The word “minhag” is also used in a looser sense, to indicate a community or an individual’s customary way of doing some religious thing. For example, it may be the minhag in one synagogue to stand while reciting a certain prayer, while in another synagogue it is the minhag to sit during that prayer.

Imagine how audacious it would have sounded when Yeshua (Jesus) came and claimed to be “the Way” (John 14:6).   Instead of following the Halachah of the community, He was the embodiment of the Halachah of God. He challenged the culture of His people with the culture of His kingdom.

“…the God we serve is able to save usBut even if He does not

585 BC King Nebuchadnezzar celebrated his conquests by making an image of gold, thirty metres high and three meters wide, and set it up on the plain of Dura in the province of Babylon.  Then he summoned the provincial officials to the dedication of his image, among them were Shadrach, Meshach and Abednego who would now have been in their thirties and spent half their lives in Babylon.   These three refused to fall down and worship the image of gold that Nebuchadnezzar had set up and so were tied up and thrown into a blazing furnace that had been heated seven times hotter than usual in the king’s rage.    The soldiers who threw them in were consumed by the flames, as were the ropes that bound them, but Shadrach, Meshach and Abednego were walking around unharmed in the furnace with a fourth man whom Nebuchadnezzar described as looking like a son of the gods.  Such was the impact of this that Nebuchadnezzar promoted these three faithful ones and decreed that anyone who spoke against the God of Shadrach, Meshach and Abednego be cut into pieces and their houses turned into piles of rubble. (Daniel 3)

A true friend urges repentance

Three years later Nebuchadnezzar had another dream which greatly disturbed him.  Again, none had the wisdom or courage to give the king the interpretation of his dream except Daniel.  The dream contained a warning that Nebuchadnezzar would be cut down and appear destroyed, left wandering with the wild animals and eating grass like cattle for seven “times” until he acknowledges that the Most High is sovereign over the kingdoms of men, at which time his kingdom would be restored to him.  Daniel pleaded with Nebuchadnezzar to repent and renounce his sins by doing what is right and being kind to the oppressed.  Twelve months later, as Nebuchadnezzar’s heart was lifted up in pride declaring: “Is not this the great Babylon I have built as the royal residence, by my power and for the glory of my majesty,” God’s judgment fell upon him, and he became so insane that he was driven away from people and lived out in the open eating grass.   In due season Nebuchadnezzar repented of his pride, raised his eyes toward heaven and his sanity was restored, and with that his kingdom as well. (Daniel 4)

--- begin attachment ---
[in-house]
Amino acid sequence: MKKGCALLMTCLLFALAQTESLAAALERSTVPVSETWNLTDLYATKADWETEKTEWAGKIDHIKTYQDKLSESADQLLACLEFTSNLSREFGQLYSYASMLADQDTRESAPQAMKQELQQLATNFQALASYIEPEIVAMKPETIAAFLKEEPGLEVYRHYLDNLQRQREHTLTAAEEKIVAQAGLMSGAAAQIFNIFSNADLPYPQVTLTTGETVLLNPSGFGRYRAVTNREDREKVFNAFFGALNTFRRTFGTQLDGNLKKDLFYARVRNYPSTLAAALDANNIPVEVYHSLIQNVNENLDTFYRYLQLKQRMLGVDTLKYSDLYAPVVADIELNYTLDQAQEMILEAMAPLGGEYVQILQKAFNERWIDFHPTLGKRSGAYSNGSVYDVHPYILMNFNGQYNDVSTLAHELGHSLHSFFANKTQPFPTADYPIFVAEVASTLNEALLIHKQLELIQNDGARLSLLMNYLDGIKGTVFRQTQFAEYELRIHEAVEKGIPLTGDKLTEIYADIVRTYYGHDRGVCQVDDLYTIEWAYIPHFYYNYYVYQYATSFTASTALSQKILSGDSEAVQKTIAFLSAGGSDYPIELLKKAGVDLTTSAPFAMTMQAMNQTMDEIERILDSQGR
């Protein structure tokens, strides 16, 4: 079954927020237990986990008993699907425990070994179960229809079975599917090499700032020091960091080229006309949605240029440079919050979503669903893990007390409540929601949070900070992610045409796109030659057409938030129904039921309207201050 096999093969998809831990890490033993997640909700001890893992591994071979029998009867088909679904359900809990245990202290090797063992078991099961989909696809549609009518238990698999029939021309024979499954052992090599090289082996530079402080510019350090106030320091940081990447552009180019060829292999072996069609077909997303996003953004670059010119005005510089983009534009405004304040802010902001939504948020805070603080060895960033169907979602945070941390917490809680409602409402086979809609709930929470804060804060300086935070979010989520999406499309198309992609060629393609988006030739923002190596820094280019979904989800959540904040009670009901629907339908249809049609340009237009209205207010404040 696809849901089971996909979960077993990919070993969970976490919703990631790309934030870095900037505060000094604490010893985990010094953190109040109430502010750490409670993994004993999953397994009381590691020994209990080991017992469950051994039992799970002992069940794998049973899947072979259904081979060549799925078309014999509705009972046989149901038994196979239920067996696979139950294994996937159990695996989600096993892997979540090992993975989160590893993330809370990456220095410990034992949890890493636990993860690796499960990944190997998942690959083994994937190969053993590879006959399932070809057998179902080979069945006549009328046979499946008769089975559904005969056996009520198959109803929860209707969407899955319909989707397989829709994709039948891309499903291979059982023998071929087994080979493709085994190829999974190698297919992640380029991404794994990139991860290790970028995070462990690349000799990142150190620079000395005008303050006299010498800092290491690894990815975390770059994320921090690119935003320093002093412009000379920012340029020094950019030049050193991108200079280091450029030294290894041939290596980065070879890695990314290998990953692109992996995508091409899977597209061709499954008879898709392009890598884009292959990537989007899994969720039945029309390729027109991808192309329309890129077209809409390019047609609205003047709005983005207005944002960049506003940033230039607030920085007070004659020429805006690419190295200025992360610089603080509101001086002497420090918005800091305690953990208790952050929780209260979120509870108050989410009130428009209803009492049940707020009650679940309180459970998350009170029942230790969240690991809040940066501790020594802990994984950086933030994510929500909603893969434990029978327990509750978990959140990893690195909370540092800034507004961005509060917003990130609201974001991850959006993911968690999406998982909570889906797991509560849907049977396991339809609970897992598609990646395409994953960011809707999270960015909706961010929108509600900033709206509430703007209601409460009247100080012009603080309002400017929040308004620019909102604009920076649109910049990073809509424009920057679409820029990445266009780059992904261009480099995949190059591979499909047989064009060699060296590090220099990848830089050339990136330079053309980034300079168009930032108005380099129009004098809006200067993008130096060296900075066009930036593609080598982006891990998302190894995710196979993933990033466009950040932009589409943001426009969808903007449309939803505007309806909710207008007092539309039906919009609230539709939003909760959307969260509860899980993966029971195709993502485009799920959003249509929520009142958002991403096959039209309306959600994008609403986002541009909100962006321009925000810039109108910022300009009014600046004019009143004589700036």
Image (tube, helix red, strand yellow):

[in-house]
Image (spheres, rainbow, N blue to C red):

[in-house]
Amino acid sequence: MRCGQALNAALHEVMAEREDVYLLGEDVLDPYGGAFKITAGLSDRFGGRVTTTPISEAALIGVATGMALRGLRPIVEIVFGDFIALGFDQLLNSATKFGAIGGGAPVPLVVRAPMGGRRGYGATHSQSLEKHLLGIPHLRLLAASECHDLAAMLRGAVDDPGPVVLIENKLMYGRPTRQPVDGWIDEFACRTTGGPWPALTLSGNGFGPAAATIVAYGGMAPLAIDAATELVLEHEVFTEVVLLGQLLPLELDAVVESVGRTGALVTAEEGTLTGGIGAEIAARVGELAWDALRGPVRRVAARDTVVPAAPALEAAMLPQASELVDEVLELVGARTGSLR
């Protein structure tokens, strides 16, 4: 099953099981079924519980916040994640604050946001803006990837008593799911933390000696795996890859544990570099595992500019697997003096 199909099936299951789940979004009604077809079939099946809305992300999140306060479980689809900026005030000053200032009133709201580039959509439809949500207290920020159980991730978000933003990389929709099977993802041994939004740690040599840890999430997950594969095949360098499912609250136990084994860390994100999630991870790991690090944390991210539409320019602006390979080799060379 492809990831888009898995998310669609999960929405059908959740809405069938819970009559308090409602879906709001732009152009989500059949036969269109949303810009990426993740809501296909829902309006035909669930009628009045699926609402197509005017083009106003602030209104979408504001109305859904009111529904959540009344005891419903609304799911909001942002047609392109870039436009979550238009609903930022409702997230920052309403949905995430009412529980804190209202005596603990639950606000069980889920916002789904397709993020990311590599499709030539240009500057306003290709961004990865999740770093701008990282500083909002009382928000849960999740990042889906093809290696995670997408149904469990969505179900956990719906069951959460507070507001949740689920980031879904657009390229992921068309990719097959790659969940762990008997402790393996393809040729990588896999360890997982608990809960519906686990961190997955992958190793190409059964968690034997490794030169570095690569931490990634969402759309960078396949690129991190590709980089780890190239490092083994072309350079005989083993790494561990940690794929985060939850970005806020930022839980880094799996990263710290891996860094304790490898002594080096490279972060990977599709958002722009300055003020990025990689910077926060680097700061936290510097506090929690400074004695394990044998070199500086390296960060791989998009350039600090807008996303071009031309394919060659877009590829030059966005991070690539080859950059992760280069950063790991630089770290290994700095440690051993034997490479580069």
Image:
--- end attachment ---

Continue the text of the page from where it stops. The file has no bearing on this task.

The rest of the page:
Wrongdoing brings fear, which incites rebellion

Back in Judah, the Babylonians had allowed some of the poorer survivors of their conquests to remain to tend the land and placed Jedediah, a grandson of Josiah, over them (2 Kings 25:22). He was soon murdered (2 Kings 25:25) and the people, fearing that Nebuchadnezzar would avenge his death, decided to flee into Egypt (2 Kings 25:26). Jeremiah had warned them against taking this decision (Jer.42:9-22.) but was overruled and, along with his scribe Baruch, was dragged along with them (Jer.43:6-7). They settled in the Egyptian town of Tahpanhee (Jer.44:1), and built a Jewish community there, keeping many of the customs of their heritage but continuing in disobedience to God and every direction He gave them through His prophet Jeremiah.   Tradition has it that they eventually stoned Jeremiah to death (13) (14) (15).  In 569 BC Nebuchadnezzar invaded Egypt in fulfilment of Jeremiah 43:8-13; 46:13-26 and Ezekiel 29:19, taking captives back to Babylon.

Babylonian succession

Nebuchadnezzar died in 562 BC and was succeeded by his son, Evil Merodach in 561 BC.  Just five years later Evil Merodach was succeeded by Nebuchadnezzar’s son-in-law Nabonidus. Then in 553 BC Nabonidus left his son, Belshazzar, to reign as coregent in Babylon while he travelled west into Arabia to gain more land and rebuild temples in the Assyrian city of Harran. (13)    Neither Nabonidus nor Belshazzar were popular with the people, having alienated the priests, politicians and military alike.

Empires come and go

In the first year of Belshazzar king of Babylon, Daniel, who was now about 67yo, had a prophetic vision while lying on his bed.  Scripture records five interwoven prophetic visions which Daniel received over a period of 68 years.  These fuelled Jewish Messianic expectations and speculations.  The first, as we had seen, was back in the second year of Nebuchadnezzar’s reign, 604 BC, when as a teenager Daniel had a vision of the king’s dream of a great statue with golden head, silver chest, middle and thighs of bronze and legs of iron that was struck by a stone that became a great mountain which filled the whole earth (Daniel 2).   In Daniel’s second recorded vision, 52 years later, the great sea of humanity was stirred, and four different beasts came up out of it (Dan. 7:2). These were four kings (Dan. 7:17) who correlated to the four kingdoms depicted in Nebuchadnezzar’s dream (Dan. 2:31-41).  

The significance of these four beasts was that they were Gentile kings whose kingdoms would rule over Israel one after another until the coming of Messiah

As in Nebuchadnezzar’s dream, they were judged by the Ancient of Days who gave everlasting dominion and glory and a Kingdom to “One like the Son of Man” (Daniel 7).   These first two visions both began with a depiction of that already ruling over the Jews – the Babylonian Empire.